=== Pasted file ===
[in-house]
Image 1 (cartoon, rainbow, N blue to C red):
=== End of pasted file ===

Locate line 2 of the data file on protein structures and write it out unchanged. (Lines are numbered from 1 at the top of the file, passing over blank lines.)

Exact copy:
Image 1 (cartoon, rainbow, N blue to C red):